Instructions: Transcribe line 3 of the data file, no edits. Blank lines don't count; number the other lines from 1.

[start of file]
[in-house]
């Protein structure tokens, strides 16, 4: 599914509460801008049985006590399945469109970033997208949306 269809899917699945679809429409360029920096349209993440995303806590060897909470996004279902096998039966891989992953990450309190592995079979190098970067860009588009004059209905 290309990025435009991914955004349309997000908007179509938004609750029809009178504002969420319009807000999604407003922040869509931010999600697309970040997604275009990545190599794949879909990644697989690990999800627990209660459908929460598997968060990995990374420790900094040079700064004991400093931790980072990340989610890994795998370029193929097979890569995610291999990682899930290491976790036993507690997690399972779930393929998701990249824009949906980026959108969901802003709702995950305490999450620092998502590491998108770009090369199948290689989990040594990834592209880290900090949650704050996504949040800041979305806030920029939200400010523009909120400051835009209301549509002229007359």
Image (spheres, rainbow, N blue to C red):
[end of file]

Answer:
Image (spheres, rainbow, N blue to C red):